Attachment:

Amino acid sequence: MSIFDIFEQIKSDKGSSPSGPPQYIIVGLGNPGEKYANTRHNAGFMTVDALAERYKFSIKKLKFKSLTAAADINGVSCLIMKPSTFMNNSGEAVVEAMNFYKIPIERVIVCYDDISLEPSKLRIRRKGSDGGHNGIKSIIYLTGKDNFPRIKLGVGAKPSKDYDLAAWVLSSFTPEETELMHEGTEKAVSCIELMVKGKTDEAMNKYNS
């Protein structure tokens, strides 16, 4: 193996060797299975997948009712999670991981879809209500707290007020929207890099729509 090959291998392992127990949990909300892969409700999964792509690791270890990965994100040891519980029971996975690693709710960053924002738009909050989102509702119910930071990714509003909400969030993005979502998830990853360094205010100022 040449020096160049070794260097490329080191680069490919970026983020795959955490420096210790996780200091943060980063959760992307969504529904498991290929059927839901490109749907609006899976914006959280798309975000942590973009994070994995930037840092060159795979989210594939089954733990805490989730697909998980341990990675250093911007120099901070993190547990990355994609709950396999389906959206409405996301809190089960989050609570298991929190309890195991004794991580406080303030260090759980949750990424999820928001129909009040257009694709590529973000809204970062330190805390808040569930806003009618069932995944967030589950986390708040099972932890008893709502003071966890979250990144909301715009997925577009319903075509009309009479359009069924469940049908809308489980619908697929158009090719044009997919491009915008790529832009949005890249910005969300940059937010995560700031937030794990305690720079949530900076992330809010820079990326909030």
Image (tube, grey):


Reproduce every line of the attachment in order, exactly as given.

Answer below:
Amino acid sequence: MSIFDIFEQIKSDKGSSPSGPPQYIIVGLGNPGEKYANTRHNAGFMTVDALAERYKFSIKKLKFKSLTAAADINGVSCLIMKPSTFMNNSGEAVVEAMNFYKIPIERVIVCYDDISLEPSKLRIRRKGSDGGHNGIKSIIYLTGKDNFPRIKLGVGAKPSKDYDLAAWVLSSFTPEETELMHEGTEKAVSCIELMVKGKTDEAMNKYNS
């Protein structure tokens, strides 16, 4: 193996060797299975997948009712999670991981879809209500707290007020929207890099729509 090959291998392992127990949990909300892969409700999964792509690791270890990965994100040891519980029971996975690693709710960053924002738009909050989102509702119910930071990714509003909400969030993005979502998830990853360094205010100022 040449020096160049070794260097490329080191680069490919970026983020795959955490420096210790996780200091943060980063959760992307969504529904498991290929059927839901490109749907609006899976914006959280798309975000942590973009994070994995930037840092060159795979989210594939089954733990805490989730697909998980341990990675250093911007120099901070993190547990990355994609709950396999389906959206409405996301809190089960989050609570298991929190309890195991004794991580406080303030260090759980949750990424999820928001129909009040257009694709590529973000809204970062330190805390808040569930806003009618069932995944967030589950986390708040099972932890008893709502003071966890979250990144909301715009997925577009319903075509009309009479359009069924469940049908809308489980619908697929158009090719044009997919491009915008790529832009949005890249910005969300940059937010995560700031937030794990305690720079949530900076992330809010820079990326909030």
Image (tube, grey):